Usually an error in judgment in a game of big significance is a serious hit to one’s credibility. But I think Showalter, Belichick, and Carroll are too good to let their mistakes hang over them. It will hardly make a serious dent into their armour and they will move past this. This is what winning championships will allow you to have, some margin for error.

Also see:

Nobody’s Perfect
Everyone’s a Critic
Only Losers Look for Someone to Blame

 

NFL: A League of Outlaws

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Colin Kaepernick’s decision not to stand for the US national anthem prior to the start of an NFL pre-season game is the latest stunt by athletes who buy into this belief that their small action can change the world. I’m sure Kaepernick’s “statement” will make police think twice about arresting a black man (or woman) when investigating a crime.

While there have been opinions on both sides, people seem to forget (or don’t want to know) the underlying message Kaepernick wanted to send out. That is black people (or other visible minorities) should not be subject to a police investigation when they are suspected of committing a crime. He feels the colour of one’s skin is enough to justify one’s action against a biased law that governs the country. This is what I like to call the literary equivalent to diving.

What Kaepernick did was outrageous and everyone was right to criticize him. But I also think he was able to pull off his stunt because there are also those who blindly believe in the blacks-are-being-marginalized rhetoric that will support him. And that is the result of the work environment they all play in.

The NFL has been a league of outlaws since the days of Jim Brown and Lawrence Taylor. There is no respect for authority and the inmates are running the asylum. This is not to be confused with outlaw league which is totally different. Compare that to the NHL, a league where acts of being disrespectful (i.e. Sean Avery) are few and far between. There is no way Kaepernick would get away with his stunt if the league wasn’t an organization full of criminal behaviour. Ray Rice, Ricky Williams, and Ray Lewis are other examples. There is no leadership from the league’s office who are more concerned about deflated footballs than actions like Kaepernick’s. Tom Brady must be laughing at the television set as he sits in his luxurious home with his beautiful wife serving his 4-game suspension.

The easiest solution is to boycott the NFL. But to quote Stephen A. Smith, that move would be  “blasphemous”. I for one will continue to watch NFL games for this reason, there are still people in football that play football. You know, the game? As in moving a 12-inch pigskin down a 100-yard field avoiding several figures that stand in your way. Despite the problems the NFL is facing, the game of football is still the only thing that matters. Even in a league full of outlaws.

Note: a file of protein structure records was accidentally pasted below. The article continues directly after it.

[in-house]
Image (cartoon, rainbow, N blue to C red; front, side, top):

Also see:

Sports is Not a Platform for Activism
Racism Knows No Bounds
Before the Confederate Flag, There was the Springbok

Draft, Schmaft

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Draft Schmaft

Editor’s Note: I started writing this piece last June around the time of the 2015 NHL Entry Draft. That was the one where Connor McDavid and Jack Eichel were selected first and second overall respectively. For some reason I was halfway through it and decided to put it on the shelf. But with the recent NFL Draft and the NHL Draft Lottery, I have decided to dust this off and finish it up.

The NHL draft sees some of the top junior players around the world get the opportunity to play in the NHL. But outside the 211 taken in the draft, there are dozens more who have not been draft for whatever reason. Some of them have made it to the NHL despite not being a first-round pick, or getting drafted period.

Martin St. Louis of the New York Rangers is the best example. Another is Rangers’ defenseman Dan Boyle. Both those guys went through the draft without having their name announced. But instead of sulking because they were not picked by a team, they used that as motivation to work hard and eventually become a reliable player for their clubs. Another example is Tom Brady. He is arguably the best quarterback in the NFL today. Brady was taken in the 2000 NFL draft but was a 6th round pick by the New England Patriots, a team that selected Drew Bledsoe 1st overall seven years earlier.

The success of late round or undrafted players happens even in junior hockey. Barrie Colts forward Andrew Mangiapane twice had 100-point seasons and more recently put up 51 goals. Did I mention he was not drafted by an OHL club? Mangiapane’s teammate Justin Scott was not drafted by an NHL club. But his performance in the OHL playoffs have caught the eye of several NHL teams and was eventually signed by Columbus.

The draft is kind of like a school yard pick ’em. Everybody gathers around in a room and the two sides pick players to form a team. Their decisions are based on the physical attributes of the individual player. The thinking is anyone who is 6-foot-2, 200 pounds can throw a pass or knock one out of the park. But part of the decision also involves how well these players perform in game situations. Hitting home runs in batting practice is different than in an actual game.

Yes, getting the best player through the draft can no doubt help your team in the long run. But not getting the first overall pick (or a Top-5 pick for that matter) is not the end of the world. Finding great players that were initially passed over is where general managers and scouts make their money. As St. Louis and Boyle will tell you, the draft is not the be all to end all as a lot of people may think.

Also see:

Getting the First Overall Pick: Big Deal? Or Big Deal?
The Maple Leafs Need Their Own Bringer of Rain
Get the Right Player First, then Spend the Money